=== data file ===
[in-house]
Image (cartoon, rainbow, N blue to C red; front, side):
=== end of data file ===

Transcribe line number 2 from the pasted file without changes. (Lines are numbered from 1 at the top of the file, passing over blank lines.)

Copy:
Image (cartoon, rainbow, N blue to C red; front, side):